Mathematics Stack Exchange is a question and answer site for people studying math at any level and professionals in related fields. Join them; it only takes a minute:

Sign up
Here's how it works:
  1. Anybody can ask a question
  2. Anybody can answer
  3. The best answers are voted up and rise to the top

Can we express $x$ as a Dirichlet series ? Thus $x = a_0 + a_1 2^{-x} + a_2 3^{-x} + a_3 4^{-x} + ...$ where the $a_i$ are real numbers ? I do not know how to get a nondivergent solution.

share|cite|improve this question
mick: It's unclear whether the $a_k$ are considered already given and you wish to solve for $x$. If the $a_k$ can be chosen after $x$ is fixed, then using $x=2$ and all $a_k$ taken as $2/(\(pi^2/6))$, then your equation works, since with all $a_k=1$ the right side is $1+1/4+1/9+...=\pi^2/6.$ – coffeemath Jan 23 '13 at 12:05
@coffeemath The equation must hold for all $x$. Otherwise I would have given a specific value for $x$. Say $x$ was $2$ I could have used $a_0 = 2$ and all other $a_i = 0$. In other words we do not solve for $x$ and I think that is quite clear otherwise the question is quite silly. However you have a point. Maybe the question can be clarified somehow. However asking to express a function as a series is usually considered as I wrote , compare with $floor(x)$ in fourrier series. – mick Jan 23 '13 at 18:00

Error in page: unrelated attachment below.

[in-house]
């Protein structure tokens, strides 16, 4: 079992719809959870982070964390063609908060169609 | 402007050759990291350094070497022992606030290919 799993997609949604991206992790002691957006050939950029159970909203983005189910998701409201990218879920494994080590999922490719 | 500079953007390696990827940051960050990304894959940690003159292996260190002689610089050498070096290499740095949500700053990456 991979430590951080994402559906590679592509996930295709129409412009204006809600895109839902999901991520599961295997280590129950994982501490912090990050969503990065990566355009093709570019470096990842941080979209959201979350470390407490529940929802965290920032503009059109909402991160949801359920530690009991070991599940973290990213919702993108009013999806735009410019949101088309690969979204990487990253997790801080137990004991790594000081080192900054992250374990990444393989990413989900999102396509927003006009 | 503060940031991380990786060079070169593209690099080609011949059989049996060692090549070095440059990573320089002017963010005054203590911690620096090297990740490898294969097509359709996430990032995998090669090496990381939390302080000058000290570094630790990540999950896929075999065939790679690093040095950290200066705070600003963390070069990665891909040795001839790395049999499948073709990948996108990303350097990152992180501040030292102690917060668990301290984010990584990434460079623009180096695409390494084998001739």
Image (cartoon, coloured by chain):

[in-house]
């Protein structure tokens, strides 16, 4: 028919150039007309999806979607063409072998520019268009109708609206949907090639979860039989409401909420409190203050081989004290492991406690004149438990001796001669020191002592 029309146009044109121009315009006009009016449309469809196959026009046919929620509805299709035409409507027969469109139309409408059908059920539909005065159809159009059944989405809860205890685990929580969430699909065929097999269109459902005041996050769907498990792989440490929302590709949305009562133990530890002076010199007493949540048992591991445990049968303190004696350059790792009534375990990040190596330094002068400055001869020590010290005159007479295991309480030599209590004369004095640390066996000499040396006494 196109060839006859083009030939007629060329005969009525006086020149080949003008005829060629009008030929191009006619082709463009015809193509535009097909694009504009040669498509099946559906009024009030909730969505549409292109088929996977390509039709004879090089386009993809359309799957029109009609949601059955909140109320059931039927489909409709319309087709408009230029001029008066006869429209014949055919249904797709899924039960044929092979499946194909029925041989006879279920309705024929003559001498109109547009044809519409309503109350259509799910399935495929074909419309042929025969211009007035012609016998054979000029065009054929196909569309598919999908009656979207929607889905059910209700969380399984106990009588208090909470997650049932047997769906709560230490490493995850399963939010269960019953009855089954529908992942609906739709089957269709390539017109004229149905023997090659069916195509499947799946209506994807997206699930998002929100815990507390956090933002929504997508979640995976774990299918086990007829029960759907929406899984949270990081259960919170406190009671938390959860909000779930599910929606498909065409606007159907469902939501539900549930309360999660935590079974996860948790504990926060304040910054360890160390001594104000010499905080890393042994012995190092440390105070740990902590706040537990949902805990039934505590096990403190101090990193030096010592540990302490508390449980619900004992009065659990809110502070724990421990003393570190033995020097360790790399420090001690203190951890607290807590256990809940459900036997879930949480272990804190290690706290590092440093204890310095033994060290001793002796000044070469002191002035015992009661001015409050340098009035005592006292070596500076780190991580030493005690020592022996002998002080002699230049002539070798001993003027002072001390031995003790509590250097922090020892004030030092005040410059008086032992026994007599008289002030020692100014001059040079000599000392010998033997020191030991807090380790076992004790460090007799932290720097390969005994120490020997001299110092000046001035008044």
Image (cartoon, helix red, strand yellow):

Consider $x\to\infty$. – anon Jan 24 '13 at 21:43
Yes ! thanks anon. – mick Jan 24 '13 at 23:08

Your Answer


By posting your answer, you agree to the privacy policy and terms of service.

Browse other questions tagged or ask your own question.